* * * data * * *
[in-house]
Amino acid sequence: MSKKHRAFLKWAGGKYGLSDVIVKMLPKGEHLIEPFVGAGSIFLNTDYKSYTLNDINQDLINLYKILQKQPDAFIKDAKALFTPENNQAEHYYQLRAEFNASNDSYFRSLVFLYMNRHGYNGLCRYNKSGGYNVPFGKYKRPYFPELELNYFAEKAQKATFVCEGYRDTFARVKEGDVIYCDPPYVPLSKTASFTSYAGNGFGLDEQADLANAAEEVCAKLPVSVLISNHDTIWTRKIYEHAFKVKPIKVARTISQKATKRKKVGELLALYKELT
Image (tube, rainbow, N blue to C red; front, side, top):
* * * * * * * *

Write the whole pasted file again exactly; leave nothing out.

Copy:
[in-house]
Amino acid sequence: MSKKHRAFLKWAGGKYGLSDVIVKMLPKGEHLIEPFVGAGSIFLNTDYKSYTLNDINQDLINLYKILQKQPDAFIKDAKALFTPENNQAEHYYQLRAEFNASNDSYFRSLVFLYMNRHGYNGLCRYNKSGGYNVPFGKYKRPYFPELELNYFAEKAQKATFVCEGYRDTFARVKEGDVIYCDPPYVPLSKTASFTSYAGNGFGLDEQADLANAAEEVCAKLPVSVLISNHDTIWTRKIYEHAFKVKPIKVARTISQKATKRKKVGELLALYKELT
Image (tube, rainbow, N blue to C red; front, side, top):